8 Tips for Testifying on the Witness Stand

8 Tips for Testifying on the Witness Stand | McKay Law

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Trial can be a stressful process; it can become even more stressful if you are set to testify in front of a jury. If your attorney chooses to put you on the witness stand in front of a jury, it is because he or she wants the jury to know the facts of the case from your viewpoint.

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8 Tips for Testifying on the Witness Stand | McKay Law eBook

As your case advocate, your attorney will ask you questions during a phase called “direct examination,” asking open-ended questions and allowing you to tell your side of the story. After your attorney completes his or her questioning, the other side also gets a chance to question you. This happens during a phase called “cross-examination.” Because trial is an adversarial process – with different sides advocating for their version of the facts – cross-examination can and does get intense at times, with the opposing side often attempting to distort the facts in their favor or attack your credibility.

While your attorney is present during cross-examination and can make objections if opposing counsel crosses the line, it is advisable to prepare yourself as best as possible for the stress that can come with taking the witness stand.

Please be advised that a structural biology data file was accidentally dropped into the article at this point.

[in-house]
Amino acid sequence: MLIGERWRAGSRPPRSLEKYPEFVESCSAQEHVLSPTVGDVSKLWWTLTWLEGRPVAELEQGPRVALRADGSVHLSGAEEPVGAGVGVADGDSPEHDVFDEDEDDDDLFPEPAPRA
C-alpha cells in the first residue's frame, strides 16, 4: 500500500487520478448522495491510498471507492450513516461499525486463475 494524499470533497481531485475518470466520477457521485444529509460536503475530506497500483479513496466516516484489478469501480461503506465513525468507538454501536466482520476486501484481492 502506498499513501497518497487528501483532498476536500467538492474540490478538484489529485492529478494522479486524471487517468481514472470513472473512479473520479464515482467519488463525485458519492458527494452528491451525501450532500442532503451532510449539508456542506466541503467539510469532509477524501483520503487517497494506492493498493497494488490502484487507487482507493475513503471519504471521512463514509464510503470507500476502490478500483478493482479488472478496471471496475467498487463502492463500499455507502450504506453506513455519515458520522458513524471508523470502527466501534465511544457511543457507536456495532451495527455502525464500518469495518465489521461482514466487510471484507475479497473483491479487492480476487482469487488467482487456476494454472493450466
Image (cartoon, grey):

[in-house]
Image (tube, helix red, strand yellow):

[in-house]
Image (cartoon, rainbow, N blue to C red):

Here are some pointers to help you on the witness stand for both direct and cross-examination.

1. Tell the Truth

It can be tempting to exaggerate or even make up facts to make your case appear more favorable for your side. Don’t. One of the biggest factors in your case – in addition to the evidence that supports your claim – is your credibility as a witness. If you are found to be stretching the truth or creating facts, it will be difficult for a jury to believe you and your testimony. If your testimony is one of the strongest pieces of evidence in your case, the fact that you are no longer a credible witness will likely be problematic.

If you do not know the answer, you can say, “I do not know.” You can get in trouble if you just take a guess. For example, if you did not actually see Mary talk to Bill, do not say, “Mary talked to Bill.” Maybe you assume that because Mary said so, but make it clear then by saying, “Mary said she talked to Bill.”